The Biosphere Ethics Initiative is a soft law program of the ESG that seeks to highlight and advance principles of environmental ethics in real life, law, and policy. George’s support of the BEI is shown throughout its work, and networks. His passion for amphibians helped us unpack important principles about small, oft-times invisible, and most-times vulnerable, species. His unwavering care and hope for the future informed how we cultivate care, and the importance of play in and around nature – for children and adults. However, he was also adamant that we not be blind to the threats to ethical action, care, and conservation. If George stood for anything, he stood for acting courageously. If we make statements, stand by them. If we stand for the good, be the good. This spirit will always be with me.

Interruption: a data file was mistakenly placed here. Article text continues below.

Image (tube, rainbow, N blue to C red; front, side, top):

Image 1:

The last time that I was together with George was at the IUCN Congress in 2012 in Jeju, South Korea. The ESG was advancing a motion to protect the conservation, culture, and people of Gangjeong Village, a very small community just miles away from the conference venue. Their entire way of life – in harmony with nature – was under direct threat due to the development of a government military base. It was a true struggle throughout the entire process, raising up the voice of these people against some of the most powerful voices on earth.

At one point, the villagers held a peaceful protest on the stage before the full Assembly, rolling out their banners. Slowly, leaders of the indigenous groups came forward, holding hands with them in solidarity. George turned to me and said, “Isn’t this wonderful?!” with his amazed and happy laugh that those who knew him know well. These people were showing IUCN what IUCN should be: courage, and care, for conservation.